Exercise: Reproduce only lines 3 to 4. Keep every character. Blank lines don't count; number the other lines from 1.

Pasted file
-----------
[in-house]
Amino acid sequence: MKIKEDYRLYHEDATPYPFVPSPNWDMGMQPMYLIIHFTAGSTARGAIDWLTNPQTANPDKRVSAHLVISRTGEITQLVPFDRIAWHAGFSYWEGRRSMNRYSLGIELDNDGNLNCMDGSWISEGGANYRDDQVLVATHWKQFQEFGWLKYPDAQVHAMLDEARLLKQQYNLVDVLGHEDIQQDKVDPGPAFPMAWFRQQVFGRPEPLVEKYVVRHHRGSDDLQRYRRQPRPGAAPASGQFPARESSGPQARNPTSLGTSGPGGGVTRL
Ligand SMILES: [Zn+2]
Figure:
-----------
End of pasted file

Ligand SMILES: [Zn+2]
Figure: